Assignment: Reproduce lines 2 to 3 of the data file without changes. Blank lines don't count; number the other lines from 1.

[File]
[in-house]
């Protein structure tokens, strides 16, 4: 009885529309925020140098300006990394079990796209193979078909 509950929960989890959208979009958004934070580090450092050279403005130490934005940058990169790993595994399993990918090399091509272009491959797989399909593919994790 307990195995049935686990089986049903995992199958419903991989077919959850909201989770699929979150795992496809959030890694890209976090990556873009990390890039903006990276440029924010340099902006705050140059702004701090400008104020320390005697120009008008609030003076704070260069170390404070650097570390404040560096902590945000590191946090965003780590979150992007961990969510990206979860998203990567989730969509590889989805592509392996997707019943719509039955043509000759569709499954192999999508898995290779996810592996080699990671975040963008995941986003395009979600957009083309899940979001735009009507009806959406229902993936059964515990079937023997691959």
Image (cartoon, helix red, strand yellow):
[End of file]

């Protein structure tokens, strides 16, 4: 009885529309925020140098300006990394079990796209193979078909 509950929960989890959208979009958004934070580090450092050279403005130490934005940058990169790993595994399993990918090399091509272009491959797989399909593919994790 307990195995049935686990089986049903995992199958419903991989077919959850909201989770699929979150795992496809959030890694890209976090990556873009990390890039903006990276440029924010340099902006705050140059702004701090400008104020320390005697120009008008609030003076704070260069170390404070650097570390404040560096902590945000590191946090965003780590979150992007961990969510990206979860998203990567989730969509590889989805592509392996997707019943719509039955043509000759569709499954192999999508898995290779996810592996080699990671975040963008995941986003395009979600957009083309899940979001735009009507009806959406229902993936059964515990079937023997691959």
Image (cartoon, helix red, strand yellow):